A 6.6-magnitude earthquake has hit off the Solomon Islands this morning, but no region-wide tsunami is expected, the US Geological Survey says.
The earthquake took place at a depth of 30 kilometres about 11.10am, about 133 kilometres from Solomon Islands' capital Honiara, the USGS reported.
A USGS spokesman said that, while the undersea quake had struck at a shallow depth, the lower magnitude of the quake combined with its occurrence "on the lower part of the earth's crust" meant a tsunami affecting the Pacific region was unlikely.
But the spokesman added that a local tsunami was possible. He said the USGS had not received any reports of damage or casualties.
Nelson Anaia, a provincial disaster officer at the Solomon Islands' National Disaster Management Office, said there was no threat of a tsunami and everything was "normal".
A Bureau of Meteorology spokesman said there was no tsunami threat to Australia.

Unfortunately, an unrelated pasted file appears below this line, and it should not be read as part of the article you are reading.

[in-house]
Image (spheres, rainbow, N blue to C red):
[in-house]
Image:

Comment is being sought from the Department of Foreign Affairs.
The Solomon Islands sit on top of the Pacific "Ring of Fire", where the movement of tectonic plates causes frequent seismic activity, resulting in earthquakes and volcanic eruptions.
In January last year, a powerful 7.2-magnitude quake struck off the South Pacific nation, generating a tsunami of up to 2.5-metres and damaging about 1000 homes.
In April 2007, dozens of people were killed and many more made homeless when a tsunami swept through the Solomon Islands after a strong earthquake hit about 350 kilometres north-west of Honiara.